During a study conducted in Taiwan, scientists have come to know that Parkinson’s disease or PD might be linked to 16 different types of cancer.

The study is a part of an effort to establish and explain the association between PD and multiple cancer forms in an East Asian population. This makes the study significant as the majority of the previous studies on this subject were conducted on Western people. The study has recently been published in the journal JAMA Oncology.

The past five decades have seen over 25 epidemiological studies being conducted for gathering information on links between cancer and PD. The majority of those studies suggested that people suffering from PD has a reduced risk of developing cancer than the ones without PD.

However, as mentioned above most of those previous researches had Western people as subjects; this new study in Taiwan tested East Asian people as it is a known fact that genetic backgrounds have an important role to play in disease development.


National Taiwan University College of Medicine’s Pan-Chyr Yang is the study’s lead author. He and his colleagues combed the Taiwan National Health Insurance Research Database for creating a study group consisting of 62,023 patients who have been diagnosed with Parkinson’s disease between 2004 and 2010. Also, there was a control group consisting of 124,046 individuals without PD.

During the study, the researchers found that although a PD diagnosis has no link with augmented risk of thyroid, ovarian, or breast cancers, it might have association with 16 other forms of cancer including cancers of the gastrointestinal tract, certain hormone-related cancers, malignant brain tumors, cancers of the urinary tract, lung cancer, different skin cancer types such as melanoma and lymphoma/leukemia.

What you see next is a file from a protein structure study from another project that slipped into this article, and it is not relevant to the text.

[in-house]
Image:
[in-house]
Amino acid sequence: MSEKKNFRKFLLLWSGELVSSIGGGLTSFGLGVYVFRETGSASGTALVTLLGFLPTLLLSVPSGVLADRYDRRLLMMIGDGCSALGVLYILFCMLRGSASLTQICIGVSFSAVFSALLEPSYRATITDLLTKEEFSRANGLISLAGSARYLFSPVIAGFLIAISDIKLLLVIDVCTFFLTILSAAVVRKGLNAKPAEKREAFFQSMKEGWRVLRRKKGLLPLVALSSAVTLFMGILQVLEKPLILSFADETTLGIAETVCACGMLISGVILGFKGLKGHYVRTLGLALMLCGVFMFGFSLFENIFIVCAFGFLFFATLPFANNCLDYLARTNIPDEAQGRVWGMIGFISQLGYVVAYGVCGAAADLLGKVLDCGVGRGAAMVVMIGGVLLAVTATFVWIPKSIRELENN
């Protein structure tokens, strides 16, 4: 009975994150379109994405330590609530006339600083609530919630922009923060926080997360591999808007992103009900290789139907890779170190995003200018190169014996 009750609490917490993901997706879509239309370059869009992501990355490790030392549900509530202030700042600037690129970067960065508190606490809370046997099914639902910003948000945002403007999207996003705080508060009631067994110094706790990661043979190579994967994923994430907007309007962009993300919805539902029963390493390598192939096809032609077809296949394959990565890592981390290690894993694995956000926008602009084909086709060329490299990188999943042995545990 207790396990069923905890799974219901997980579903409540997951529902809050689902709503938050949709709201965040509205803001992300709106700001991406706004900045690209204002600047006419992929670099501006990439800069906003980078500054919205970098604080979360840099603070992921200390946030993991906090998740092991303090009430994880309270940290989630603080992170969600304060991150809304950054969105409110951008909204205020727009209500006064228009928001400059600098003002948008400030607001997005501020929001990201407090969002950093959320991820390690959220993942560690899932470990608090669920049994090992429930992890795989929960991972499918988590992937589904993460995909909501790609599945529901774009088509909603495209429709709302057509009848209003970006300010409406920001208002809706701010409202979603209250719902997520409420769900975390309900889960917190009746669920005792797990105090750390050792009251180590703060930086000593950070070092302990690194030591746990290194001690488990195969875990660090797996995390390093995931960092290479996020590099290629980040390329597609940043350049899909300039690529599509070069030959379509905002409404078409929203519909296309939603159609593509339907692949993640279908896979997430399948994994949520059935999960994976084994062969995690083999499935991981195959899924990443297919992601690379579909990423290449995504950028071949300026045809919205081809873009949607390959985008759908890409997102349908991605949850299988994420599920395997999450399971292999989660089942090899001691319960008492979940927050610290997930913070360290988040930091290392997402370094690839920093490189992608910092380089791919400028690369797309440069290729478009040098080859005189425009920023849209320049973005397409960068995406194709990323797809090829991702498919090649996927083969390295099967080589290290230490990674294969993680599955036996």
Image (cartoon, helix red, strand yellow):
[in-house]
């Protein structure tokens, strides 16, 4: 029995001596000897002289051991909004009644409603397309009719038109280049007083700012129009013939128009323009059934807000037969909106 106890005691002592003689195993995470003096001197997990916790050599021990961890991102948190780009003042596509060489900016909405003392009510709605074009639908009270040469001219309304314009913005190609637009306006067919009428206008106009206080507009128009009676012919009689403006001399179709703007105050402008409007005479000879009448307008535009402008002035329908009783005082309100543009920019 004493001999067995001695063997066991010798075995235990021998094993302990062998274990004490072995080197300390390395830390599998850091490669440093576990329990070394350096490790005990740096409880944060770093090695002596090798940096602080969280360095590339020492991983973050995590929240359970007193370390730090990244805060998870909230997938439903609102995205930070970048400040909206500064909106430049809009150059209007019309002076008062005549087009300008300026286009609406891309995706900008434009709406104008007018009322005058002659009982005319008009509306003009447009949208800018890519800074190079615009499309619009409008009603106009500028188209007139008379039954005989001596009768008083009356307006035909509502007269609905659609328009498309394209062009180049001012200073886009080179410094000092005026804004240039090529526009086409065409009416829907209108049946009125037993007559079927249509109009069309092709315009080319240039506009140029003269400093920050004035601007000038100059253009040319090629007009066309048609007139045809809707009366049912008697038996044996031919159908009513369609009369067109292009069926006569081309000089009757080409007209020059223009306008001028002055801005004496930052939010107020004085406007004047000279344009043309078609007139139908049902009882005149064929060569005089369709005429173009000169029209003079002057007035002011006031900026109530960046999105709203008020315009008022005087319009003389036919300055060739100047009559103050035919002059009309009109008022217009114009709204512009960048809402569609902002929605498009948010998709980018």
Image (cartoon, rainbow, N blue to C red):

Must Read: Study links Parkinson Disease (PD) with different cancer types in Taiwan

The authors have talked about certain limitations of their study. The most significant ones among them include: not considering the patients’ smoking status, speculations about exposure to pesticides, remaining questions about genetic correlations, etc.

According to the article published in JAMA Oncology, the nationwide study on links between PD and cancer risk has revealed that PD increases the risk of the majority of the cancer forms in Taiwanese people. However, the authors have said that further studies must be carried out for clarifying whether their findings are applicable for any of the remaining East Asian populations.